Japan Geoscience Union Meeting 2018

Presentation information

[JJ] Oral

S (Solid Earth Sciences) » S-CG Complex & General

[S-CG64] Brittle-Ductile Transition and Supercritical Geofluids for Crustal Energy in Island Arc

Mon. May 21, 2018 9:00 AM - 10:30 AM A11 (Tokyo Bay Makuhari Hall)

convener:Noriyoshi Tsuchiya(Graduate School of Environmental Studies, Tohoku University), Hiroshi Asanuma(AIST), Yasuo Ogawa(東京工業大学理学院火山流体研究センター), Chairperson:Tsuchiya Noriyoshi, Asanuma Hiroshi

10:15 AM - 10:30 AM

[SCG64-06] Molecular dynamics simulations of dielectric constant of salt water at elevated temperatures and pressures

*Hiroshi Sakuma1 (1.National Institute for Materials Science)

Keywords:Supercritical fluid, Ion pair, Hydration, Dipole moment, Salinity

Fluids in the crust have large effects on the mass transfer, heat transport, and physicochemical properties of rocks. Static dielectric constant of solution is one of the most required properties for understanding the dissolution and precipitation of minerals in the Earth’s crust. The dielectric constant of pure water has been measured at elevated temperature and pressure; however, the experimental values of salt solution is, in our knowledge, limited at temperature lower than 50°C. Most equation of state of fluid used in geochemical modeling can be applied at less than 350°C. One of the reason of such limitation is the lack of adequate molecular-scale behavior of fluid at elevated temperature [1]. Molecular simulation is a powerful tool for estimating the macroscopic thermodynamic properties of fluid based on the intermolecular interaction.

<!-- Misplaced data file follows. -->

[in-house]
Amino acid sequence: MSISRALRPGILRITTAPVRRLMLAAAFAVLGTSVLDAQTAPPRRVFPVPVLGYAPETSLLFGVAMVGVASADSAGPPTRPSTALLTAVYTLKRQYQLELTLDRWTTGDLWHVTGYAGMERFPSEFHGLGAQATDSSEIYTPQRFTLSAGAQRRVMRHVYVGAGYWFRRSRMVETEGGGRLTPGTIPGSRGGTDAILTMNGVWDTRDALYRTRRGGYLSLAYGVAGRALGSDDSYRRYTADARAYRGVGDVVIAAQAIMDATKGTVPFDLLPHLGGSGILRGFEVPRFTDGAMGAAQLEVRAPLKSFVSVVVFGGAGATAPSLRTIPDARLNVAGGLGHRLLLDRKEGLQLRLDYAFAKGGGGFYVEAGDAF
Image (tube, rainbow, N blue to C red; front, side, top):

Here, we calculated the static dielectric constant of NaCl solution at 573 K and 100-200 MPa using the classical molecular dynamics (MD) simulations. The dipole moment of water molecules, degree of dissociation of NaCl in water and hydration structure were calculated and the relationship with the dielectric constant was discussed. The static dielectric constant of salt water was obtained by the method proposed by Caillol et al. (1986) [2].

The degrees of dissociation of NaCl at 1.0 mol/kg, 573 K were 72% at 100 MPa and 76% at 200 MPa. The relationship with the dielectric constant is discussed in the talk.


[1] Driesner, Rev. Mineral. Geochem. 76 (2013) 5

[2] Caillol, Levesque, Weis, J. Chem. Phys. 85 (1986) 6645.